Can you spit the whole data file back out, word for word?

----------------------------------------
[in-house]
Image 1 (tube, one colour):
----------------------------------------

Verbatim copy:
[in-house]
Image 1 (tube, one colour):